Aerial photos of Graham Island, where the White family lives, show hectares of clear-cut blocks scarring the landscape. Deforestation is also edging close to watersheds that spawn salmon, according to the Pacific Salmon Foundation. Stocks of the fish, the primary food source of the Haida for thousands of years, are vanishing.
“They are cutting down all the trees and … we have watersheds that we need to protect,” says Charlotte Jones, a Haida environmental activist. “Wildlife like bears and deer have nowhere to go, so they are coming into our village.”
The distance between Masset and Queen Charlotte City, Haida’s two largest villages, is only 110 kilometres. But maps show approximately 5,000 kilometres of logging roads criss-crossing the island between the two towns.
In 2018, the community held an occupation at St’aala Kun, or “Collison Point,” to block old-growth logging by Husby Forest Products, an exporter of raw logs from Haida Gwaii for more than 50 years. But Husby swiftly obtained a B.C. Supreme Court injunction to eject protesters.
It takes eight hours by car or two hours by boat to get to many logging sites on Haida Gwaii, so recent protests have received little attention, and Lisa says environmental organizations do not have enough staff or volunteers to check every industry-cut block to ensure foresters are not taking more than their allotment.
The forest industry has been making a particularly aggressive assault on Haida’s coveted red cedars, according to the David Suzuki Foundation, because the industry no longer has access to remaining stands of red cedar in the U.S. The species represents 30 per cent of Haida forests but comprises the majority of recent cuts.
“We should have stopped cutting 20 years ago,” says Herb Hammond, a forest ecologist and retired forester who lives part time on Haida Gwaii. “These are the most carbon-dense forests on the planet, and the highest in biological diversity.”
Even though nearly half of Haida Gwaii is protected, these areas will break down on their edges as foresters degrade the ecological integrity of adjacent areas, Hammond says.
Complicating matters is the fact that some Haida see forestry as essential to their economy, Lisa says, so there is tension among residents. The Haida nation itself owns a logging company, Taan Forest, which provides employment for about 100 people in the area. (Taan Forest and Husby Forest Products did not respond to requests for interviews.)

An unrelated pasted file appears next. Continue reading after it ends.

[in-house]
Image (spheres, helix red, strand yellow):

The B.C. government also heavily subsidizes forest companies spending an average of $1 million a day more on forest management than its revenue from stumpage fees and taxes, according to estimates by David Broadland founder of the Evergreen Alliance.
“The forest industry does not need incentives to continue the devastation of clear-cutting our forests,” says Lisa, who wonders if subsidies could be put to better use creating environmentally friendly employment in Haida Gwaii.
Dr. Suzanne Simard and Dr. Teresa (Sm’hayetsk) Ryan of the University of British Columbia, have recommended making Haida a UNESCO Biosphere Protected Area Reserve, which would benefit the Haida through tourism. A UNESCO reserve would provide a source of employment as well as protecting the forests, Lisa says.
Lisa proposed a resolution in the Haida House of Assembly in November 2021 to create an Indigenous Protected and Conservation area across the northern region of Haida Gwaii that would protect the areas closest to where most of their people live. She is still waiting for action.
The White family’s newly raised totem pole symbolizes the pride of Edenshaw’s descendants. There is the grizzly bear, the shark, the sea grizzly, the killer while, the moon and the raven telling different stories and praying for the family, Christian says.
He hopes that the pole will stand a century from now and give the next generation pride in who they are.
“We are the cedar people,” White says. “It’s about time we got our rights back so we can carry on with our culture.”